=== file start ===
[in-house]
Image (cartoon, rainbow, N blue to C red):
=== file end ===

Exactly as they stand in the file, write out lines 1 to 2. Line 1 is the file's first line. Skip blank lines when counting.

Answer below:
[in-house]
Image (cartoon, rainbow, N blue to C red):